Examining the determinants of the banks profitability is very important in any economy as these foundations perform key financial functions. In Turkey it is even more important considering the fact that the stock market is heavily dominated by the banks. See here, here and here for more about the bank-intensive style of Turkish financial markets.
Lately we noted that on historical basis profitability indicator ratios of Turkish banks have been dramatically declining despite the relatively high valuations. We observed those bank stocks losing momentum and the benchmark equity index evaporation right after, a harbinger for what might happen remainder of the year.
At this stage we find it important to find out what the industry-specific and macroeconomic determinants of Turkish banks’ profitability are because of its strong impact on the characteristics of stock market. To be more accurate I narrow the scope of this research and used the data of the commercial banks only -which is compiled by Turkish Banking Watchdog (BRSA)-.
Below is a list of possible determinants of Turkish commercial banks’ profitability.
- Total Assets (log)
- Capital Adequacy Standard Ratio
- Loans to Assets
- Non-performing Loans Ratio
- Liquid asset to assets
- Deposit to Assets
- Loan to Deposit
- Net Interest Margin
- Non-interest Income
- Annual Real GDP Growth
- Annual Inflation
- Real Interest Rates
After collecting the data over the time period between 2003 and 2014 I calculate the correlation between the variables listed above which is as follows:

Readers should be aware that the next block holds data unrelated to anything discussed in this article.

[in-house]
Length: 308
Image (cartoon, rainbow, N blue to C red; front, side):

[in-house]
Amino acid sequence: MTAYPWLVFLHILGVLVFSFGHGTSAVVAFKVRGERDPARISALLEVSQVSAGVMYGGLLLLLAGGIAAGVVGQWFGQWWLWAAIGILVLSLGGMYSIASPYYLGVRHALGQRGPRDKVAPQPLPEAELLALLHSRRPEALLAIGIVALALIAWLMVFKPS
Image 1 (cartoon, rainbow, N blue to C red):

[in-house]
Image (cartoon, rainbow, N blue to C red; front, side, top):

As a profitability measure again we use the return on equity (RoE) ratio. Following that, this next table demonstrates the relationship between the profitability of Turkish commercial banks and the given independent variables through a regression analysis.
The results suggest that the relationship between the banks’ profitability and the selected macroeconomic variables is significantly weak. On the other hand we find out that the banks can improve their profitability through increasing their capital adequacy and decreasing their loan/asset or loans/deposit ratio. Our main deduction from the latter finding is that to improve their profitability the commercial banks in the country need pay more attention to being well-capitalized and having a more liquid financial position with lower loan/deposit ratio.
For the issue of declining capital adequacy ratios in Turkish banks read this.
and this is for the increasing risks around loan/deposit spreads.
Considering the above-mentioned developments it would not be surprising to see banks posting lower income figures in the upcoming quarters.